An Oklahoma woman is on a ventilator after complications from a tick bite caused all of her limbs to be amputated.
Jo Rodgers, 40, and a mother of two, was placed in a medically induced coma earlier this month when she was diagnosed with Mountain Spotted Fever after a tick bite had gone undetected.
According to a report from KOCO.com news, Rodgers began to develop flu-like symptoms after she and her family returned from celebrating the July 4th holiday at an area lake.
“She was shaking her hands because they hurt, her feet hurt,” Rodgers's cousin Lisa Morgan told KOCO. “They tested her for West Nile Virus and for meningitis.”
The results of those tests came back negative, but Rodgers's condition continued to deteriorate. By her sixth day in the hospital her organs began to shut down, forcing her doctors to amputate her limbs to stop the infection.
“By Saturday morning, her arms and feet were turning dark blue and black,” Morgan said to the news station. “It was crawling up her limbs.”
The report was unclear, but at some point she was asked about her vacation and a possible tick bite that went unnoticed. That single tick bite, now noticed, led to the diagnosis of Rocky Mountain Spotted Fever—and forced her doctor’s hand to amputate.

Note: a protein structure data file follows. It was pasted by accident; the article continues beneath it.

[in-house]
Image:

There have not been further updates on Rodgers's current condition, but Morgan has launched a GoFundMe account to help with some of the financial burden. She outlined the seriousness of Rodgers's treatment on August 3.
“They finally found that she has Rocky Mountain Spotted Tick Fever—the worst case seen—she is still on a ventilator and being kept sedated to help with pain,” Morgan said. “Although she will have insurance for a couple more months, her medical bills are mounting daily and will continue as she will be in the hospital for many more months with rehab, prosthetics and home and car renovation to accommodate her needs. “
Rocky Mountain Spotted Fever is caused and carried by ticks through a rare and aggressive bacterium known as Rickettsia Rickettsii. This sometimes fatal illness is found primarily in North and South America and can be transmitted to both humans and dogs through several infected tick species, including the American dog tick, Rocky Mountain wood tick, and brown dog tick.
Both humans and dogs should be checked for ticks and tick bites if they have spent time outdoors or in a wooded area.
Find more information about the diagnosis, symptoms, and treatment options for Rocky Mountain Spotted Fever, click here.
Image: Via Morgan's GoFundMe page